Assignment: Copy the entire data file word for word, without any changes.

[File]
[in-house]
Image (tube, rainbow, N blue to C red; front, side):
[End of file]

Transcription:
[in-house]
Image (tube, rainbow, N blue to C red; front, side):